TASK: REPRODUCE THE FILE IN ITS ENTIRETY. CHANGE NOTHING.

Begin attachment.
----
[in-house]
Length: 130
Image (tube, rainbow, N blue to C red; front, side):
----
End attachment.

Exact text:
[in-house]
Length: 130
Image (tube, rainbow, N blue to C red; front, side):